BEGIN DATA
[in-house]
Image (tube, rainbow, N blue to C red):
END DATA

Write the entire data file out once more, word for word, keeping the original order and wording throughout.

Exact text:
[in-house]
Image (tube, rainbow, N blue to C red):